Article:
This week, a group of leading chief executives sent letters to all 50 governors and the DC Mayor urging them to tell the difficult truth about student performance in their states. They also sent another message: We’ve got your back.

Each letter to a governor came with a brief “Vital Signs” report on the condition of math and science learning in that governor’s state. The reports offer real cause for concern. For example, the data show that many 4th and 8th graders seldom carry out or write about science projects, that many math teachers lack an undergraduate major or minor in math, that most states set low passing scores on content licensure tests for elementary teachers, and that few students take challenging Advanced Placement tests or make it through college. 

CEOs are also encouraged by good news. NAEP math scores have risen over the past 15 years. Some states, like Massachusetts and Missouri, have maintained high expectations for students. Others, like Michigan, New York, Oregon and Tennessee, have been raising the passing scores on their state math tests. And now forty-three states have joined forces to create a common set of clear and demanding academic content standards in English and math. All of those states have also joined consortia to create tests that align with those standards. This progress is a testament to the hard work and courage of educators and state leaders across the country. Similar work is underway in science.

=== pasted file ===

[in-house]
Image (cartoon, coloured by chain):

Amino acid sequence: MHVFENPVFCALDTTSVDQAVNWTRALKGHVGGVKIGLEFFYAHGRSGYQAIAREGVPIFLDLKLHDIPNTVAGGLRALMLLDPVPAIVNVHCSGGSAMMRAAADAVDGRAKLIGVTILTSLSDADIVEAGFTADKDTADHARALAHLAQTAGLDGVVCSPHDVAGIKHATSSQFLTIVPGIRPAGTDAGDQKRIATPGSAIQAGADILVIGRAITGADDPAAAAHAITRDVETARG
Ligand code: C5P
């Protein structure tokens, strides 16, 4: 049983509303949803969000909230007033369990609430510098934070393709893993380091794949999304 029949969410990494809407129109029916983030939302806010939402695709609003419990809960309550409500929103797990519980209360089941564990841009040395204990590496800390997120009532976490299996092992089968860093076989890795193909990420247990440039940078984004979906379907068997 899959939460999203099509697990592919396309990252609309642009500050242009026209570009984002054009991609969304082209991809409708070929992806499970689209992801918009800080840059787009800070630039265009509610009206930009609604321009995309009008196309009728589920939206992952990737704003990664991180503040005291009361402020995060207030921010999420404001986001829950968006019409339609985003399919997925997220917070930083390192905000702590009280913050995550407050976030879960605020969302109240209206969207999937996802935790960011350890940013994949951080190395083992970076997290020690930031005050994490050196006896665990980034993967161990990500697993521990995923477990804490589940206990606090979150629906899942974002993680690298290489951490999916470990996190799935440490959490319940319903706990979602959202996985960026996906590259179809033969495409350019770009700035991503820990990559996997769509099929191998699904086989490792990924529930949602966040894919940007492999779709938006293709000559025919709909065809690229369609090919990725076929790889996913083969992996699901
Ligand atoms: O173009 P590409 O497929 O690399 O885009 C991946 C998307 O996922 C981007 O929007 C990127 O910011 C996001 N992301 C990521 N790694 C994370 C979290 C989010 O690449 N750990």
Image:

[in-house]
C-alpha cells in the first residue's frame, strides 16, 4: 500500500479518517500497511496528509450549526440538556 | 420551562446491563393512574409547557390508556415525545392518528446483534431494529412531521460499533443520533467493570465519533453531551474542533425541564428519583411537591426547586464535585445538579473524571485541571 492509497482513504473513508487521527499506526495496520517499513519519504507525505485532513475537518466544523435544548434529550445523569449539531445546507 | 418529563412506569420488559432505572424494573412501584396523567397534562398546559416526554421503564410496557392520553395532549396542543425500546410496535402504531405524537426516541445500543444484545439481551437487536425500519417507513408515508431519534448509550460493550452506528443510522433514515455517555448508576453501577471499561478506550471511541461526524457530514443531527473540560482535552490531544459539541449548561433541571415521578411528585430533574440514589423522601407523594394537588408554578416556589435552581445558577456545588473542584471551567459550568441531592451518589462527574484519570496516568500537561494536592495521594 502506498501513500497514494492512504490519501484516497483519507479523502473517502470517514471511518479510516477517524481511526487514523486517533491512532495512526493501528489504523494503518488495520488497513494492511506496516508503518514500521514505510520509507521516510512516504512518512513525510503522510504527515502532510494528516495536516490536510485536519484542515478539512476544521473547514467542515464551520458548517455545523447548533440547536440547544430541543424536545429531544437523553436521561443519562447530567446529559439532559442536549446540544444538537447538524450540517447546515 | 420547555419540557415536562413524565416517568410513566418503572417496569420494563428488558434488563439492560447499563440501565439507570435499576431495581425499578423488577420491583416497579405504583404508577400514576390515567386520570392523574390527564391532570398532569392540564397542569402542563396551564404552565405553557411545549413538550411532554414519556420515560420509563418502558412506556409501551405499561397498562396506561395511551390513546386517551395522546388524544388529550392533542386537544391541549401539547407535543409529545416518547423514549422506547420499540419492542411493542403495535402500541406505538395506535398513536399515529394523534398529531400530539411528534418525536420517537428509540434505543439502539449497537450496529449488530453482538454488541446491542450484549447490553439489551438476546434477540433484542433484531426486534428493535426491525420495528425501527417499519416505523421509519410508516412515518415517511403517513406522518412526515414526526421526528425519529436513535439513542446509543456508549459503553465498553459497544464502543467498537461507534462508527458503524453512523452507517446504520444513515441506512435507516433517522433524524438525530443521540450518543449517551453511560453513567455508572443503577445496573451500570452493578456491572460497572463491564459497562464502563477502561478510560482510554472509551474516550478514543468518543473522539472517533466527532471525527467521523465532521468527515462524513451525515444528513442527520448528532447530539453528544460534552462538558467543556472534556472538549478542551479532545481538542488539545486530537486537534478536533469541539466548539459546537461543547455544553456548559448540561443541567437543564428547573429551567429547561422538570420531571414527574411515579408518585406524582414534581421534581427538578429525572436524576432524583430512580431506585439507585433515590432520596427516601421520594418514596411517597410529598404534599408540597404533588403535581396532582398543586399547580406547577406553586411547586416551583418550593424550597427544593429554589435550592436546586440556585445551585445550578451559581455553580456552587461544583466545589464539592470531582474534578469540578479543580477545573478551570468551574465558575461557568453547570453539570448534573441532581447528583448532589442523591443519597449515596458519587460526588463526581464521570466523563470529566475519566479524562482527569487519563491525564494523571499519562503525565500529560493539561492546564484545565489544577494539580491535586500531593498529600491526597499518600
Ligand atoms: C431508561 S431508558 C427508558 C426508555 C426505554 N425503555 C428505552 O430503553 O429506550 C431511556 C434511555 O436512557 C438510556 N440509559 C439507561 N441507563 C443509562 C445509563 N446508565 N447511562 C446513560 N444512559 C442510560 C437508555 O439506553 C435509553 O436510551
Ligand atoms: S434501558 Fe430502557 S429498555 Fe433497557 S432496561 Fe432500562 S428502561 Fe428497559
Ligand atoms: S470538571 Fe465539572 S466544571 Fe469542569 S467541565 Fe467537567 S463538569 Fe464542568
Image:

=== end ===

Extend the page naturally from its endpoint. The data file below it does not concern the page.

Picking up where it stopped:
But the CEOs recognize that there could be trouble ahead. If states follow through on strong standards and tests that set a high bar, then they can expect student pass rates to drop suddenly.  That could lead to outside pressure to back down. CEOs say they will stand by state leaders as they hold the line on standards.

They will also stand by state leaders as those leaders do the hard work of giving schools the tools they need to help students clear a higher bar. After all, high expectations are a necessary but by no means sufficient condition for preparing students to meet the demands of a global age.  If teachers don’t get the training, support and materials they need to teach to the high standards, then higher standards will put us on a road to nowhere.